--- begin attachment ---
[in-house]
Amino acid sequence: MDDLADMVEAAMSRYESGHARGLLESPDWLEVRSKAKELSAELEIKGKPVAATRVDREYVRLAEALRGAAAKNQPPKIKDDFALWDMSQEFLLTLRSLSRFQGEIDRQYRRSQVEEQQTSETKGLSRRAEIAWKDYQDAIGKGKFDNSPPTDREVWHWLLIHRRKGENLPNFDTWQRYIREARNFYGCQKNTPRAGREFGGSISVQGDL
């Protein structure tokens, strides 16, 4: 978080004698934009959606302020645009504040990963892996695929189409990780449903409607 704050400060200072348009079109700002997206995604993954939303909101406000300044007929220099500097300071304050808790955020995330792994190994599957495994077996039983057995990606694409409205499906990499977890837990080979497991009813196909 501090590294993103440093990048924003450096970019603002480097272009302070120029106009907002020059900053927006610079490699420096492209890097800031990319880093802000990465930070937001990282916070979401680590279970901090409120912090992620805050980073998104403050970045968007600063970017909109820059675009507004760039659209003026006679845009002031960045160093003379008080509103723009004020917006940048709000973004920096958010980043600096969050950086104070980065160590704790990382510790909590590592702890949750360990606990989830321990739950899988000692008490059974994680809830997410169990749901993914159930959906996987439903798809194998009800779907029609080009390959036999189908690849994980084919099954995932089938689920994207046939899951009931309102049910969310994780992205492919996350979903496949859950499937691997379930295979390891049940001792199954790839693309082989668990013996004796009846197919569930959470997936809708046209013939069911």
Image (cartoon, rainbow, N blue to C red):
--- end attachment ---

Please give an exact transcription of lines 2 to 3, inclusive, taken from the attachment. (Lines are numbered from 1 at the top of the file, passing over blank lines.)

Amino acid sequence: MDDLADMVEAAMSRYESGHARGLLESPDWLEVRSKAKELSAELEIKGKPVAATRVDREYVRLAEALRGAAAKNQPPKIKDDFALWDMSQEFLLTLRSLSRFQGEIDRQYRRSQVEEQQTSETKGLSRRAEIAWKDYQDAIGKGKFDNSPPTDREVWHWLLIHRRKGENLPNFDTWQRYIREARNFYGCQKNTPRAGREFGGSISVQGDL
């Protein structure tokens, strides 16, 4: 978080004698934009959606302020645009504040990963892996695929189409990780449903409607 704050400060200072348009079109700002997206995604993954939303909101406000300044007929220099500097300071304050808790955020995330792994190994599957495994077996039983057995990606694409409205499906990499977890837990080979497991009813196909 501090590294993103440093990048924003450096970019603002480097272009302070120029106009907002020059900053927006610079490699420096492209890097800031990319880093802000990465930070937001990282916070979401680590279970901090409120912090992620805050980073998104403050970045968007600063970017909109820059675009507004760039659209003026006679845009002031960045160093003379008080509103723009004020917006940048709000973004920096958010980043600096969050950086104070980065160590704790990382510790909590590592702890949750360990606990989830321990739950899988000692008490059974994680809830997410169990749901993914159930959906996987439903798809194998009800779907029609080009390959036999189908690849994980084919099954995932089938689920994207046939899951009931309102049910969310994780992205492919996350979903496949859950499937691997379930295979390891049940001792199954790839693309082989668990013996004796009846197919569930959470997936809708046209013939069911």